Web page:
That wasn’t my first encounter with Lakshman Kadirgamar though. I think we were introduced – or it may have been his brother Sam—at the same birthday celebration of Radhika Coomaraswamy in the mid 1980s at which Rajiva Wijesinha embarrassingly recalls both his query as to whether I was a Stalinist as well as my laconic reply. The first real meeting with Kadirgamar was in the next decade, in the very early 1990s, when Nihal Rodrigo invited me to make a presentation to the Foreign Affairs Study Group (FASG), in which he was the Foreign Ministry’s point man. The FASG had been initiated by Mervyn de Silva on a mandate of the Organisation of Professionals Associations at its 1990 sessions, chaired by Dr Gamani Corea, and tasked by President Premadasa to prepare a report on future directions in Sri Lankan foreign relations and the restructuring of our External Affairs apparatus. Bradman Weerakoon was the link with the President’s office, and there were bright young personnel from the Treasury and the Foreign Ministry, but it consisted mainly of independent experts. Lakshman Kadirgamar, expert in international law, was a member, having been tapped by Mervyn, his old university friend. An interim report was drafted for President Premadasa by Mervyn after a commissioned visit to Europe and the USA in early ’93, during which Milinda Moragoda arranged a meeting with iconic Washington Post publisher Katherine Graham. Sadly the report of the complete study was finally presented by the FASG team led by Gamani Corea only after the suicide-bomb assassination of President Premadasa, to his successor President Wijetunga, with comic-opera consequences.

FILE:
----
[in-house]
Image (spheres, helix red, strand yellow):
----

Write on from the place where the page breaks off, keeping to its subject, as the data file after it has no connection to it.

The wheel of fate would turn to this precise point in the following decade. Foreign Minister Kadirgamar would draw me into his own policy and institutional redesigning of Sri Lanka’s foreign relations. I had told him of the correspondence between Gen Anton (‘Tony’) Mutukumaru and Mervyn de Silva who had been the drivers of the Ceylon Institute of World Affairs in the 1960s and ’70s. My personal (boyhood and adolescent) recollections of the Ceylon Institute’s events ranged from the Krishna Menon public lecture at the New Town Hall to the BMICH lecture by Sir Michael Howard. The high level of awareness of international affairs in Sri Lanka in those times derived primarily from its prominence in the Non Aligned Movement and secondarily from the intellectual role of two institutions, the Ceylon Institute of World Affairs (CIWA) and the Bandaranaike Centre for International Studies (BCIS), in both of which my father Mervyn de Silva had been a guiding spirit. The BCIS was founded on the basis of a report by him and a follow up report by Tissa Wijeratne. I told Lakshman Kadirgamar of Gen Mutukumaru’s urging that Mervyn should re-launch the Ceylon Institute with a new ‘annex’ or ‘division’ for strategic studies. In the ’60s, Gen Mutukumaru had made the initial introduction to the IISS, the International Institute of Strategic Studies in London, and Mervyn was soon friends with its legendary director Alastair Buchan and famous successor Francois Duchene. In their correspondence Gen Mutukumaru suggested the reopening of contacts with the IISS.